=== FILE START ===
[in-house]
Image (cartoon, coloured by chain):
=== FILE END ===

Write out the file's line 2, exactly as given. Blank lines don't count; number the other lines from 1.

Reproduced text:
Image (cartoon, coloured by chain):